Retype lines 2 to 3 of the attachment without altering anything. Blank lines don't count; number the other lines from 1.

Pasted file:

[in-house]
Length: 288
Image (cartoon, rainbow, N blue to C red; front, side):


Length: 288
Image (cartoon, rainbow, N blue to C red; front, side):